[vc_row][vc_column][vc_column_text]You may have been made aware of a statement that has been circulated by the media, that the MHRA has made regarding Cannabidiol (CBD) and that CBD will be classed as a medicine from November.
The Medicines and Healthcare Products Regulatory Agency (MHRA) apparent decision to designate Cannabidiol (CBD) as a medicine and impose a blanket ban of all CBD products is “an unholy mess and has been handled about as badly as it is possible for a government agency to deal with a matter of public safety.”
Their statement indicates that they have come to the opinion that products containing CBD are a medicine and those that are for therapeutic use must have a medicines licence before they can be legally sold.
We manufacture hemp products that are not for therapeutic use which contain CBD and have not received any correspondence from the MHRA regarding this matter. However we have been contacted by many of our customer who are concerned that this is a complete ban on all CBD products from November.
We would like to take this opportunity to clarify the specifics surrounding the legality of the sale of CBD and why the MHRA do not have the authority to impose a blanket ban on Cannabidiol.
The legal requirements for food and foodstuffs are that they are governed by Regulation No. 178/2002 (the “Food Regulation“); medicinal products are specifically excluded under Article 2. The Food Supplements Directive 2002/46/EC defines a food supplement as foodstuffs which supplement a normal diet and which are concentrated sources of nutrients or other substances with a nutritional or physical effect (Article 2). Nutrients are defined as vitamins and minerals as listed in Annex I in the forms listed in Annex II to the Food Supplements Directive. Cannabidiol does not fall within this list and being categorised as an “other substance” is therefore subject to national law (which must comply with the Food Supplement Directive). Under Article 6(1) and (2), food supplements must be labelled as such and must not be labelled, presented or advertised as ‘preventing, treating or curing a human disease’.
It is determined by case law that the MHRA is required to apply the multi-factorial test set by the CJEU in HLH Warenvertriebs GmbH (para 30,  ECR I-5141) which stated that for the purposes of determining whether a product must be classified as a medicinal product or as a foodstuff, the competent national authority must decide on a case-by-case basis, taking account of all of the characteristics of the product, in particular its composition, its pharmacological properties (to the extent scientifically known), the manner in which it is used, the extent of distribution, its familiarity to consumers and the risks which its use may entail.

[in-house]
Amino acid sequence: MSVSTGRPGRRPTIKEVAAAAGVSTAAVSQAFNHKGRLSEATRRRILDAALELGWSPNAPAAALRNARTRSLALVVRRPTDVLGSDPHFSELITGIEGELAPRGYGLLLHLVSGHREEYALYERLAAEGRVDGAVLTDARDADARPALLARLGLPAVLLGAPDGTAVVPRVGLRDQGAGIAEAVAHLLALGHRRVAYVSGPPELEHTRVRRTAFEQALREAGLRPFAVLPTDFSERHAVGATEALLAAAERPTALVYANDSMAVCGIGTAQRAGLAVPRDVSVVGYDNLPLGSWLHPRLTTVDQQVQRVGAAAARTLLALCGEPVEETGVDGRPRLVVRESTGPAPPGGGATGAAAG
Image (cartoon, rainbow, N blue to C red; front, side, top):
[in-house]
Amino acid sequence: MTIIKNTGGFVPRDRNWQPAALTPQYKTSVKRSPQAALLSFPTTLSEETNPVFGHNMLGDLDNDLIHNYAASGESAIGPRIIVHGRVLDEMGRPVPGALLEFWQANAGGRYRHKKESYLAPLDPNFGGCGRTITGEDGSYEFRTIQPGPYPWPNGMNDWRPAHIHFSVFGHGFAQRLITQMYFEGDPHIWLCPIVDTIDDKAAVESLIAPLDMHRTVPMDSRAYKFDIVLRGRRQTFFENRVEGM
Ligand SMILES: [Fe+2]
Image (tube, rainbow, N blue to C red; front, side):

The CJEU case law suggested that it was the purpose for which a product was used and/or marketed which was often a critical factor in distinguishing between medicinal and non-medicinal products. The (functional limb) covered products whose pharmacological properties had been scientifically proven to have physiological effects. However, such physiological effects were not specific to medicinal products but were also among the criteria recognised within the definition of food supplements. Thus to fall within the functional limb, the criteria extended beyond mere health benefits, a product must treat or prevent disease. Products could not be classified as medicinal on a ‘blanket’ basis under the functional definition of medicinal product. The approach must be proportional. The fact that some hemp products are classified as medicinal products does not mean that all other hemp products containing an identical substance and mode of action must also be classified in the same way. The multi-factorial test involved the application of complex factual and scientific considerations by the MHRA, particularly in respect of ‘borderline’ products.